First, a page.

The last two seasons have not been as kind to A-Rod. Lingering hip problems have contributed to a dip in games played and offensive production. Rodriguez finished 2012 with average stats (.272 BA, 18 HR, 57 RBI). His disappearing act in the 2012 postseason (.120 BA in seven games) led to speculation that he was on the trading block.
The loss of Soriano and Arias via trade didn't prove to be much of a loss for the Yankees. Soriano has been a good player but has also been in a state of decline. Arias has bounced around a bit and played with the World Champion San Francisco Giants last season.
It's safe to say that the Rodriguez tenure with the Yankees has been somewhat of a mixed bag. He has had some great moments (i.e. two AL MVP awards, home run milestones) but has also had plenty of head-scratchers. Rodriguez will probably be in the Hall of Fame someday, but his time with the Yankees will go down less than legendary.
How acquired: Traded by the Toronto Blue Jays to the New York Yankees for David Wells, Graeme Lloyd and Homer Bush.
How did the first Roger Clemens tenure turn out in New York?
The Yankees made waves across New England in the winter of 1999 with the acquisition of Clemens from the Blue Jays.
The Rocket's arrival in New York could have been seen as a total impossibility a decade earlier as he was entrenched in the Boston Red Sox rotation. However, the Red Sox were unable to re-sign him after the 1996 season and he signed a lucrative four-year, $40 million contract with the Blue Jays.
Clemens would go on to have a successful two-year stint in Toronto where he was awarded back-to-back AL Cy Young Awards. His success in Toronto spurred the late Yankees owner George Steinbrenner to pursue a trade for the former Red Sox great.
His first stint in New York was a good one as he provided the Yankees a top-of-the-rotation anchor to go with Andy Pettitte, Orlando Hernandez and an aging David Cone. He best season by far with the Yankees came in 2001 when he captured his sixth Cy Young Award. Clemens posted a 20-3 record that season, leading the Yankees to their fourth straight World Series appearance against the Arizona Diamondbacks.
Clemens would pitch two more seasons with the Yankees after their World Series loss to the Diamondbacks. It seemed like Clemens was headed for retirement after the Yankees' 2003 World Series loss to the Florida Marlins, but he chose to come back and pitch for the Houston Astros.
The first Clemens stint with the Yankees was successful as he captured another Cy Young Award and helped lead the Yankees to two World Series championships. He finished his first go-around with a 77-36 record and a 3.99 ERA.
The Yankees didn't lose much in the trade with Toronto, either. Wells and Bush both wound up finding their way back to the Bronx. Lloyd was a key part of the Yankees' 1996 World Championship team, but had fallen down the pecking order in the bullpen with the emergence of Mike Stanton and Jeff Nelson.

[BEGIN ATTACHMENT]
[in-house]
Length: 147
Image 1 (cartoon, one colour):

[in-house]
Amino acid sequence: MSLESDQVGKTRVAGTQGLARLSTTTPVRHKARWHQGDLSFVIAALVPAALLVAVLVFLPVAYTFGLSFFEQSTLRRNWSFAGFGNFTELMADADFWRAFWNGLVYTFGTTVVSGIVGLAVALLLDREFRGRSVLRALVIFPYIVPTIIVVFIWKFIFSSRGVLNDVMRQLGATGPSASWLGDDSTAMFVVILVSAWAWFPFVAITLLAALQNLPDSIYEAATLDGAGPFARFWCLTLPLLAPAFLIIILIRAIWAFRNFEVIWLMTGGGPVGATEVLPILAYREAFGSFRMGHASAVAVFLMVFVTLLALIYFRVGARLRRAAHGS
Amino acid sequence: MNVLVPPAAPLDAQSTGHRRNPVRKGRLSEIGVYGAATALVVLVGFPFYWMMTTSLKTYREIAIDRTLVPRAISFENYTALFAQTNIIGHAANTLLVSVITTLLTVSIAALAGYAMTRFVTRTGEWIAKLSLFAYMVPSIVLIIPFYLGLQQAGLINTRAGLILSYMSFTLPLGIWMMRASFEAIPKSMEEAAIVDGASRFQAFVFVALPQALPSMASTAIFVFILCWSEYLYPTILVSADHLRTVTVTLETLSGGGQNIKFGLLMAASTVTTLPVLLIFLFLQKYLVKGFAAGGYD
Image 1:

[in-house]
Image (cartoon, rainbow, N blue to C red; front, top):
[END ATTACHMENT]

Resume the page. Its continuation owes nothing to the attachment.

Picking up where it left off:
Most Yankees fans will agree that the first Clemens go-around was successful. It probably would have been more successful if he had stayed in the Bronx and not taken a detour to Houston.
How acquired: Traded from the Toronto Blue Jays to the New York Yankees for Jason Jarvis, Mike Gordon and Marty Janzen
How did the David Cone tenure turn out in New York?
The Yankees were in the midst of a 14-year postseason drought when they made a pre-trade deadline deal for the 1994 AL Cy Young winner. Cone would play a huge rule down the stretch for the Yankees, compiling a 9-2 record with a 3.82 ERA. His addition to the top of the rotation helped the Yankees capture the inaugural 2005 AL Wild Card.
The Yankees would play well in the wild-card round but lose a five-game heartbreaker to the Seattle Mariners. Cone pitched in two starts against Seattle, posting a 1-0 record with a 4.60 ERA.
He would miss most of 1996 with an aneurysm near his right armpit, but would return in September to help lead the Yankees to the postseason. His biggest start with the Yankees came in the 1996 World Series—as he pitched six strong innings against the Atlanta Braves at Fulton County Stadium. The Cone start was a turning point in the series and helped the Yankees capture their first World Championship since 1978.
Cone pitched well in the next two seasons—going 20-7 in 1998. His pinnacle moment as a Yankee came on Yogi Berra Day in July 1999 when he pitched the 16th perfect game in major league history. Ironically, both Berra and Don Larsen, who were battery mates for the 1956 World Series perfect game, were present in the stadium to witness the feat.
The perfect game was the last bellwether moment for Cone as his stats would enter a precipitous state of decline. He left the Yankees for the Boston Red Sox after the 2000 season. Cone finished his Yankee career with a 64-40 record with a 3.91 ERA.
The Cone tenure with the Yankees was undoubtedly a successful one. He provided a stabilizing force at the top of the rotation. The Yankees didn't lose any blue-chip prospects to acquire Cone as Jarvis, Gordon and Janzen never amounted to much in the majors. It's hard to imagine the Yankees being able to capture all four World Series championships without Cone.